Along the river Stour, Pleistocene cliffs at Stutton Ness yield the bones of mammoths and deer, whilst foreshore exposures of Eocene London clay yield a wide variety of fossil seeds.



♦ Unfortunately, there is a long walk to get to Stutton, the narrow track roads which can take you closer to Sutton Ness, have warning signs that unauthorized parking will result in wheel clamping. The large number of walkers to this area in the past have resulted in blocked roads as people have parked carelessly.
♦ So, you will need to park at the Stutton Community Centre, there is a special area signposted ‘Walkers Park Here’, please do not park on the made-car park, but use this dedicated area. From here walk left out of the community centre entrance. There is a road signposted to the farm business centre.
♦ Follow the road all the way until the road veers into the business centre, instead, go straight ahead and keep following the road until it goes past the gardens of a very large house. You will reach a gate and the footpath continues past this gate.
♦ Continue the farm track all the way until you reach a ‘T’ junction, follow the path to the left, round all the way until you get to the shore. Here, take a right turn and follow the path all the way until you reach Stutton Ness. It is marked by a slope way leading to the shore and a tyre used as a swing. From here, walk right along the shore. If you want to reach the London Clay, you will need to walk all the way round to the next headland which can be seen with lots of trees.
♦ Ref: 51.95554°N, 1.12285°E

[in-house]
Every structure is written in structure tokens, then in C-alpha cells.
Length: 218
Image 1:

FIND FREQUENCY:♦ – Stutton is not a very productive location, and often depends on tidal waters to wash out the pleistocene cliffs. Bones are occasionally found here, but are not common. Seeds from the London Clay are difficult to collect as the exposures are often covered in algae.
CHILDREN: ♦♦♦ – This location is suitable for families, but is a very long walk.
ACCESS: ♦ – There is a long 4-mile walk at this location, since cars are not permitted down the narrow farm tracks. A round trip of 8 miles makes this a challenging location for anyone not used to walking.
TYPE: – Fossils can be found in the cliffs or foreshore. London Clay is only exposed on the foreshore.


Bones of elephants, teeth and tusks along with deer bones can be found here. molluscs are also frequently found. London Clay is exposed on the foreshore West of Stutton Ness, the exposures yield a variety of small fossil seeds. Search the cliffs themselves, especially after storms and high tides. Bones can be seen in situ and you can dig these out using a trowel. molluscs can be collected in situ. Check the base of the cliffs and along the edge of the river, bones can get washed out and deposited along the banks, or fall from the cliff. At the western end, London Clay is exposed on the foreshore, you can search the shingle around these areas or take samples for wet sieving. Small seeds are often found.


At the western end, London Clay is exposed on the foreshore, you can search the shingle around these areas or take samples for wet sieving. Small seeds are often found.



Common sense should be used when collecting at all locations. Tide times should be noted, with collecting being carried out on a retreating tide if possible.


Fossils at Stutton can mostly be picked up after storms when the river tides wash out the cliffs.


This site is an SSSI. This means you can visit the site, but hammering the bedrock is not permitted. For full information about the reasons for the status of the site and restrictions please download the PDF from Natural England – SSSI Information – Stutton

It is important to follow our ‘Code of Conduct’ when collecting fossils or visiting any site. Please also read our ‘Terms and Conditions


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